Laura's account is shared by her mum, Gillian

What’s the worst thing that could happen to you? Would it be your pet dying? Would it be your parents breaking up?

When I was asked that question I said something happening to my family, something big. Well guess what something has happened to my family. We've been twisted around and around so we feel like we're in a washing machine. We've been shaken up and down then, we've been hung on the line and do you know what could be evil enough to want to do that to a family. I'll tell you. One word. Cancer.

Chapter one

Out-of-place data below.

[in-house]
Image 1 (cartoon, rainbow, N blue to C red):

Cancer isn't choosy about who it attacks. It's not just smokers or old people that get it. Anyone can. Cancer wasn't picky when it decided to come alive in my body. I was a healthy 15-year-old girl. There was no need for it to want to settle and cause havoc. But it did. You don't notice cancer at first because it's sneaky. I didn't notice it at first. But as the cancer grew I could feel it taking over my body. I lost weight; I stopped eating; I was ratty and snapped at even my closest friends. Well of course I didn't know what all these horrible emotions and feelings were. I'd never had them in my life. My mum and I just put it down to teenage hormones. But surely the never-ending pain in my knee and the sleepless nights weren't down to teenage hormones? I mean none of my other friends had pains and none of my friends were taking two types of painkiller to get through school.